For the interested reader, we list below some references to books and reports related (sometimes loosely) to Caml Light.
The books below are programming courses taught in ML. Their main goal is to teach programming, not to describe ML in full details --- though most contain fairly good introductions to the ML language. Some of those books use the Standard ML dialect instead of the Caml dialect, so you will have to keep in mind the differences in syntax and in semantics.
The natural companion to this manual, provided you read French. This book is a step-by-step introduction to programming in Caml, and presents many realistic examples of Caml programs.
Another Caml programming course written in French, with many original examples.
A good introduction to programming in Standard ML. Develops a theorem prover as a complete example. Contains a presentation of the module system of Standard ML.
Another good introduction to programming in Standard ML. No realistic examples, but a very detailed presentation of the language constructs.
A short, but nice introduction to programming in Standard ML.
A first course in programming, that first introduces the main programming notions in Caml, then shows them underlying Ada. Intended for beginners; slow-paced for the others.
A presentation of Standard ML from the standpoint of abstract data types. Uses intensively the Standard ML module system.
An outstanding course on programming, taught in Scheme, the modern dialect of Lisp. Well worth reading, even if you are more interested in ML than in Lisp.
The books and reports below are descriptions of various programming languages from the ML family. They assume some familiarity with ML.
The French edition of the present reference manual and user's manual.
An overview of Standard ML, including the module system. Terse, but still readable.
A complete formal definition of Standard ML, in the framework of structured operational semantics. This book is probably the most mathematically precise definition of a programming language ever written. It is heavy on formalism and extremely terse, so even readers who are thoroughly familiar with ML will have major difficulties with it.
A commentary on the book above, that attempts to explain the most delicate parts and motivate the design choices. Easier to read than the Definition, but still rather involving.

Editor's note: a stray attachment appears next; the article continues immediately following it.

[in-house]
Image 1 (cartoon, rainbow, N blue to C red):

A short description of the original Caml system, from which Caml Light has evolved. Some familiarity with Lisp is assumed.
The manual for the original Caml system, from which Caml Light has evolved.
This is the first published description of the ML language, at the time when it was nothing more than the control language for the LCF system, a theorem prover. This book is now obsolete, since the ML language has much evolved since then; but it is still of historical interest.
Haskell is a purely functional language with lazy semantics that shares many important points with ML (full functionality, polymorphic typing), but has interesting features of its own (dynamic overloading, also called type classes).
The references below are intended for those who are curious to learn how a language like Caml Light is compiled and implemented.
A description of the ZINC implementation, the prototype ML implementation that has evolved into Caml Light. Large parts of this report still apply to the current Caml Light system, in particular the description of the execution model and abstract machine. Other parts are now obsolete. Yet this report still gives a complete overview of the implementation techniques used in Caml Light.
An excellent description of the implementation of purely functional languages with lazy semantics, using the technique known as graph reduction. The part of the book that deals with the transformation from ML to enriched lambda-calculus directly applies to Caml Light. You will find a good description of how pattern-matching is compiled and how types are inferred. The remainder of the book does not apply directly to Caml Light, since Caml Light is not purely functional (it has side-effects), has strict semantics, and does not use graph reduction at all.
A complete description of an optimizing compiler for Standard ML, based on an intermediate representation called continuation-passing style. Shows how many advanced program optimizations can be applied to ML. Not directly relevant to the Caml Light system, since Caml Light does not use continuation-passing style at all, and makes little attempts at optimizing programs.
The following reports show ML at work in various, sometimes unexpected, areas.